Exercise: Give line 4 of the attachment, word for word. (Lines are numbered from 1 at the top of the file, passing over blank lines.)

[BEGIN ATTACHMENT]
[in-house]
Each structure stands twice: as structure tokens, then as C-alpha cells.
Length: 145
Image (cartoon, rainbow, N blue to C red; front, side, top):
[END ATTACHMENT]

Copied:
Image (cartoon, rainbow, N blue to C red; front, side, top):